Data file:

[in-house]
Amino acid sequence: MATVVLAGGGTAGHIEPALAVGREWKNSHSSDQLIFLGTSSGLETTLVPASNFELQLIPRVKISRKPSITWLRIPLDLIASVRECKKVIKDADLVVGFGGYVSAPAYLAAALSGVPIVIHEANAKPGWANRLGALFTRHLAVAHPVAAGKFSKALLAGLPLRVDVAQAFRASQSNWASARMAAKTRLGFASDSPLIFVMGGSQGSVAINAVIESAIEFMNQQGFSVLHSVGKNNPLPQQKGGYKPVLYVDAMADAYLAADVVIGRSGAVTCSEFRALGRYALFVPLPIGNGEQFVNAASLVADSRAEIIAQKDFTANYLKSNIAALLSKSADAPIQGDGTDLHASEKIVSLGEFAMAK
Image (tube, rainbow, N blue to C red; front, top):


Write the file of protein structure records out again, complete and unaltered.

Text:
[in-house]
Amino acid sequence: MATVVLAGGGTAGHIEPALAVGREWKNSHSSDQLIFLGTSSGLETTLVPASNFELQLIPRVKISRKPSITWLRIPLDLIASVRECKKVIKDADLVVGFGGYVSAPAYLAAALSGVPIVIHEANAKPGWANRLGALFTRHLAVAHPVAAGKFSKALLAGLPLRVDVAQAFRASQSNWASARMAAKTRLGFASDSPLIFVMGGSQGSVAINAVIESAIEFMNQQGFSVLHSVGKNNPLPQQKGGYKPVLYVDAMADAYLAADVVIGRSGAVTCSEFRALGRYALFVPLPIGNGEQFVNAASLVADSRAEIIAQKDFTANYLKSNIAALLSKSADAPIQGDGTDLHASEKIVSLGEFAMAK
Image (tube, rainbow, N blue to C red; front, top):